This isn't to denigrate one at the expense of the other, or both. Regular readers are well aware of the lengths I travel to defend Kuyt and I truly am happy about Jovanovic's imminent arrival. Yes, on the one hand, it's a free transfer, evoking memories of Degen and Voronin (and Maxi, Aurelio, and Fowler). On the other, he was also courted by the likes of AC Milan and Valencia (and Villa and Everton). And contrary to what some might think, there'd be big clubs after Kuyt if Liverpool ever decided to get rid.

I'll definitely be paying closer attention to Serbia's World Cup, but we'll have to wait and see. Don't expect miracles but don't write him off either – the story of almost every free transfer. Blindfolded darts unless it's a big name on ungodly wages (cough Ballack cough). All in all, it seems a good move, if somewhat spendthrift (even considering a reported £10m in wages over three years). But that's the reality at present.

Besides, how can you not be on pins and needles for a player who says this (from the above link, and others, translated this Serbian interview):
"They might have had a poor season, but Liverpool are still Liverpool," he said. "There will still be a squad of 20 players of the highest quality and everyone waiting for the chance to show what they can do.

"There will be a lot of games and everyone will have the chance to play. I really see this as the place where I want to be. The thought of playing at Anfield is an incredible inspiration for me."


Filip said...

I can tell you that every LFC fan from Serbia is incredibly happy about this transfer, not just because this is (I think) first Srbian player in Liverpool, but also a great addition to the squad. Under new coach for Serbian national team Radomir Antic (he won the Primera with Atletico Madrid, and coached both Real and Barcelona for example), Milan "Lane" Jovanovic on the left, and Milos Krasic from SCKA Moscow on the righ, became the bearers of the game for us. I advise you all to keep an eye on Serbia during WC, and on Jovanovic, you will see that hes been in great shape, and I'm confident that he will trasnfer that to LFC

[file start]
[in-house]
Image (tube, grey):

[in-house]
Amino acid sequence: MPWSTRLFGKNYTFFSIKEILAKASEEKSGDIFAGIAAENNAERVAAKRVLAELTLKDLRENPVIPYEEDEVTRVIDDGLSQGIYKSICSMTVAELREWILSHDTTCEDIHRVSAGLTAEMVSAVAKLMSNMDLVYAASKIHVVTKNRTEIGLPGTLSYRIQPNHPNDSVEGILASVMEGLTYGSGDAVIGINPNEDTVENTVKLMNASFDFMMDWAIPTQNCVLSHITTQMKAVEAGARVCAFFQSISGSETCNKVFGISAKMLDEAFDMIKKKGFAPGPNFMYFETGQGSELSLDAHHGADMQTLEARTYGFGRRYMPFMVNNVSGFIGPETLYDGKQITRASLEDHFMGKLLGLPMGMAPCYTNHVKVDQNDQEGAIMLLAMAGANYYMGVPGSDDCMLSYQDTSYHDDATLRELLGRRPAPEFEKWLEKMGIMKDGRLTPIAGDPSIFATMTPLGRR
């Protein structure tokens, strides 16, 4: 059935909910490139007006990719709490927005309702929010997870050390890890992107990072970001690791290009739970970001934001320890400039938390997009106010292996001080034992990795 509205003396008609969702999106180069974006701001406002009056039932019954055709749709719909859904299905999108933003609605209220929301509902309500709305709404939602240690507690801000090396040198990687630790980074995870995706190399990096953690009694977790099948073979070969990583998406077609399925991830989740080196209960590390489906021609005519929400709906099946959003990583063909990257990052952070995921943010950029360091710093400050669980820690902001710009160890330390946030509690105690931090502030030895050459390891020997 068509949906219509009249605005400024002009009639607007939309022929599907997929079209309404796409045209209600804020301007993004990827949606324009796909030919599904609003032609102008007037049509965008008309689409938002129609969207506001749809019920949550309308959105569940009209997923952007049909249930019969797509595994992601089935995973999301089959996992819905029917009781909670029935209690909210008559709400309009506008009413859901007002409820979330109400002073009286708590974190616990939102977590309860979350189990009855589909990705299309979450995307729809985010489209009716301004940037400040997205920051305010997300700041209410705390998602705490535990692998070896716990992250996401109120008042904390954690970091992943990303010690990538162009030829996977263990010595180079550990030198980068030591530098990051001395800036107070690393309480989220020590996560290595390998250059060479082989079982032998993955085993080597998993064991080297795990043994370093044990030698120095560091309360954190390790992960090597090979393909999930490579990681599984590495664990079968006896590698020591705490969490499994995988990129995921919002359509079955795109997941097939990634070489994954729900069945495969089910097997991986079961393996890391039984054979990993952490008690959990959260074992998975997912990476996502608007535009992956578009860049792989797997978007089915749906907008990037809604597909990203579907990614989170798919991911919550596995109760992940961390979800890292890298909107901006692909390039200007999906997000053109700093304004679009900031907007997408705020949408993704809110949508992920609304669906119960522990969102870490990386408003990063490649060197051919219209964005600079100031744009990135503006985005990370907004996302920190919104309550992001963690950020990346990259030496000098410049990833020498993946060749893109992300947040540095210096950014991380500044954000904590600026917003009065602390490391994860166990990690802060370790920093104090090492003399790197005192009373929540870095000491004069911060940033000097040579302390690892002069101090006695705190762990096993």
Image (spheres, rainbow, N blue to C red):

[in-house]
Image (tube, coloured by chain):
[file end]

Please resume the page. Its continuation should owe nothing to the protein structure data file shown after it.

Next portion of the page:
Filip said...

Also, I really don't look at him as another Kuyt, primarily, I think Jovanovic has much more better ball control, he is a much better dribbler, and his shooting and passing skills are at least on par with Kuyt. But maybe I'm just biased :)

nate said...

I'd take your opinion over mine every time, having seen him a bit more often. Milan (I'm going to struggle to call him that, evoking memories of Baros) absolutely looks a better dribbler, and I probably should have emphasized that more. But Kuyt scored from every angle in Holland, and can still fire some nice cross-field passes when his touch doesn't let him down.

It's just that Jovanovic's workrate and passion seem to be the 'dominant' qualities, moreso than a creative, tricky trequartista-type player that Liverpool's supposedly needed for ages despite how good of a dribber he is. And that evokes the comparison to Kuyt.

Either way, I am excited, and am definitely intending to catch as many of Serbia's games as possible.